This fall’s allergy season is like none other.
On top of the usual congestion, itchy eyes, and runny nose that hay fever sufferers face, they also have to worry about the coronavirus.
One ancient health practice may address both issues, according to new research.
Nasal irrigation is a natural solution that not only relieves allergy and sinus symptoms, but a medical journal examining its potential against coronavirus recently concluded that it also may also “offer a ray of hope” during the pandemic.
Let’s be clear: Nasal irrigation has not yet been tested in COVID-19 patients. However, in June researchers launched two separate clinical trials to do so. One trial is being conducted at Vanderbilt University. The other is at the University of Edinburgh in Scotland. 
Until the results are published, researchers’ current conclusions about nasal irrigation’s potential effectiveness against the coronavirus are hypothetical. That’s because they rely on lab studies and previous findings showing nasal rinsing works against other similar viruses. 
The next issue of our monthly journal Independent Healing tells you how yoga masters in ancient India developed nasal irrigation as a way to improve their breathing. Modern clinical research shows it relieves hay fever and sinus infection symptoms without the side effects of drugs.
A 2012 paper published in the American Journal of Rhinology and Allergy analyzed 50 high-quality nasal irrigation studies. It found that the practice:
- Improves allergy symptoms by 28%
- Reduces allergy medication needed by 62%
- Improves allergy sufferers’ quality-of-life scores by 28%.
Another study published in the journal Pediatric Allergy and Immunology found that nasal irrigation eases allergy symptoms to the point that patients can often reduce the amount of medication they take or even stop taking it entirely.
Researchers Believe Nasal Irrigation Could “Wash Coronavirus Away”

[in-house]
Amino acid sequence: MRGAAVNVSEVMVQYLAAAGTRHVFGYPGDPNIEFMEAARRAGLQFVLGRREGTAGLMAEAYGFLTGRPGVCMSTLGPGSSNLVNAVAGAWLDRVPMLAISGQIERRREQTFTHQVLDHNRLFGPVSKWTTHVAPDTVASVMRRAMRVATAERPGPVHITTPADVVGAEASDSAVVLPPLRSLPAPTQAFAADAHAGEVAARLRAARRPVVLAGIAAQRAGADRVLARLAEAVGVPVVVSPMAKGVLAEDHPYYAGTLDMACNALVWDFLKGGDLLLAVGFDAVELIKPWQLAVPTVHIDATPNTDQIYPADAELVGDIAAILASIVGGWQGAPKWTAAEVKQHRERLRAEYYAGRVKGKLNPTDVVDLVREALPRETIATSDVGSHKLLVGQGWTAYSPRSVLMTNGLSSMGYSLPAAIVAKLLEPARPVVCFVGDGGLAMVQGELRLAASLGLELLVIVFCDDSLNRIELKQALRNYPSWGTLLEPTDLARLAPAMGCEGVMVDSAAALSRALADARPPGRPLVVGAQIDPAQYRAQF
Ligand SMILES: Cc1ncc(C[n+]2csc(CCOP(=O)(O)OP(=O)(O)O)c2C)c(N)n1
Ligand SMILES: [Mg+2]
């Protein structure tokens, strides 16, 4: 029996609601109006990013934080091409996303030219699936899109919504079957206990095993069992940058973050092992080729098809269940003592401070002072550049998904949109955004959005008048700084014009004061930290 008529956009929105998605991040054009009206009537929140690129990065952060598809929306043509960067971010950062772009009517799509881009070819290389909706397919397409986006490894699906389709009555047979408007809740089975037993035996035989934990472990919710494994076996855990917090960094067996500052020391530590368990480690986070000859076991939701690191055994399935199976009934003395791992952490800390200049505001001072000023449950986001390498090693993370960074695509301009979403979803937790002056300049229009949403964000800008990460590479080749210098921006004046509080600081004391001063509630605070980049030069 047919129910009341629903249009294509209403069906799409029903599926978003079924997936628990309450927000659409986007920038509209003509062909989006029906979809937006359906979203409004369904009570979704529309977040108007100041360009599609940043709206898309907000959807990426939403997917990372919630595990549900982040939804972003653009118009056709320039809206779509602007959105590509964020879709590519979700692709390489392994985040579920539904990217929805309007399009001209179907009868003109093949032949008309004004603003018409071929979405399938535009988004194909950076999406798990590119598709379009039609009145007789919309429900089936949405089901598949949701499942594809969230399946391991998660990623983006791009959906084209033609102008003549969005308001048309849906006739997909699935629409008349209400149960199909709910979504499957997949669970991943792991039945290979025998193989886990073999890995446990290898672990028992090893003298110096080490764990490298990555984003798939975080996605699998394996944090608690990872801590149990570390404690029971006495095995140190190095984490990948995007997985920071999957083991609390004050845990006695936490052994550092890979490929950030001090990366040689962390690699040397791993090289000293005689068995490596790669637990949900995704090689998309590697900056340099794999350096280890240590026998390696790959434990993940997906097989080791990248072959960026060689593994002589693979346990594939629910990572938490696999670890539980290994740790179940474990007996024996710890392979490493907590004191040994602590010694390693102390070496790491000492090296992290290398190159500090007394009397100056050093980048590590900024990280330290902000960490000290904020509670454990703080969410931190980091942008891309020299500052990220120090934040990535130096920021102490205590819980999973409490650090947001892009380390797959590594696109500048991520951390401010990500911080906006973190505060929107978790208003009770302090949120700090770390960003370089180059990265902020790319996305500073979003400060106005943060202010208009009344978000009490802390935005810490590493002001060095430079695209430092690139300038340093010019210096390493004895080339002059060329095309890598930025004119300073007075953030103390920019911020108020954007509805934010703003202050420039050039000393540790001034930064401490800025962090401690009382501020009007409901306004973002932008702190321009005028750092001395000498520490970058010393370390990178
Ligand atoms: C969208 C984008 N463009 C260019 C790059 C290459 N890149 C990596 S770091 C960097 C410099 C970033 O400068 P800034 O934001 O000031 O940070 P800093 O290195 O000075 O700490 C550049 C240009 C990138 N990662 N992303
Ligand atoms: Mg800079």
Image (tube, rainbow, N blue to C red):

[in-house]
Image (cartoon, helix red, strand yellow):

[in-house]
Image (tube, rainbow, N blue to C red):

In addition to its effectiveness as an allergy treatment, several new studies conclude nasal irrigation may offer another important benefit…
Although a research paper in the prestigious Journal of the American Medical Association (JAMA) didn’t test nasal irrigation directly in COVID patients, it did conclude that the practice, in effect, rinses the inside of the nose and sinuses, reducing a person’s “viral load.”
In this way, nasal irrigation can help to “reduce viral severity and further transmission,” the study concluded.
An analysis published in the journal Lung India in May noted nasal irrigation’s long track record in effectively treating upper respiratory virus infections such as colds and flu. It concluded:
“Since it has been shown to work for a multitude of viruses, logically it should work for COVID-19 as well. As we await a definitive therapy to fight the pandemic, this relatively safe technique may be a ray of hope.”
The October issue of Independent Healing takes a comprehensive look at the science behind nasal irrigation. And we’ll tell you about a simple, two-step method to do it that takes just a few minutes a day.
It’s an ancient health solution whose time has come.
If you’re not yet a subscriber to Independent Healing, GO HERE.